14. Frank Glover says

    “Would it, once released from the crushing gravity expand to normal matter or would it stay degenerate matter?”

    Yes, it would expand, and rather violently…

    Some speculate that hydrogen, compressed to a metallic state would remain so, after the pressure’s removed (though still with the potential to energetically revert), but the stuff of neutron stars is an exponentially different range of density and physics, with nothing but pressure from the entire star’s gravity holding it in that state.

    However, you might well find a thin crust of not-as-dense ‘degenerate matter’ (the stuff of white dwarf stars) on the surface of neutron stars.

  15. Dave says

    Well oils, how bout you go counting all the logical fallacies and fundamentalist views on your blog eh? no? not such a good idea huh? thort so…

  16. Olaf says

    Dave, shame on you, lauging at the expense of someone that has no clue about science or physics? LOL

  17. Kevin F. says

    What does this mean for the poor Cheela?

  18. Dirk Muehlner says

    How can you write an article about measuring the temperature of a neutron star and not mention what the measured temperature was??!!!

  19. Hiker 9965 says

    OIlls is right. No such thing as a neutron star.

    One of these days everyone will subscribe to the EU theory. Until then, we can continue to laugh at the fact that cosmologists continue to do research on non-existent objects.

  20. Paul Eaton-Jones says

    Yael & Dave: Re Trolls. I made the mistake of engaging with them on the No Geo-Mag Reversal thread and can’t get out.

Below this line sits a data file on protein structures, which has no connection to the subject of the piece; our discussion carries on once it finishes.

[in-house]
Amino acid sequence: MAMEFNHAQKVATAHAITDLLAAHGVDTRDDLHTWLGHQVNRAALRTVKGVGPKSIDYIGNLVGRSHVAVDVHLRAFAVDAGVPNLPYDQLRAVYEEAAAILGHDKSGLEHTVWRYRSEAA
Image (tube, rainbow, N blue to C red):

21. Astrofiend says

    Hiker 9965 Says:
    January 12th, 2009 at 3:52 pm

    Oh God. Not another one. Why don’t you all go and start an ‘Electric Universe Today’ website so that everyone can safely not give a sh!t about it and you guys can wax lyrical about how oppressed by the mainstream you always are. I know there wouldn’t be any actual research or results to publish, but that shouldn’t get in the way of a good half-baked theory!

  22. Manu says

    Since there’s no answer about the temperature, and I’m curious too, I made a little search and calculation.

    X-rays wavelengths range between 10 E-11 and 10 E-8 m:
    http://en.wikipedia.org/wiki/File:EM_spectrum.svg

    Thermal radiation wavelength and temperature of emitting body are linked through ‘Wien’s displacement law’:
    http://en.wikipedia.org/wiki/Wien's_Law

    This would give a very rough estimate somewhere between 100,000 and 100,000,000 K – that is, if I understand what I read correctly! 😉

    Not exactly ‘cool’!

  23. bellinda birdleg says

    Ian I love you.

    you have been a bit out of the business.
    But these scary things like Neutrons and gravitons and X-rays mae me shiver ….again.

    Oooohh do it again.
    dont listen to those scientists, you are my hero.
    So cool and so scary.

    And yes better a good storyteller than a dry scientist.

    Keep up those speculations and sensations.

    boooooomm Baaaang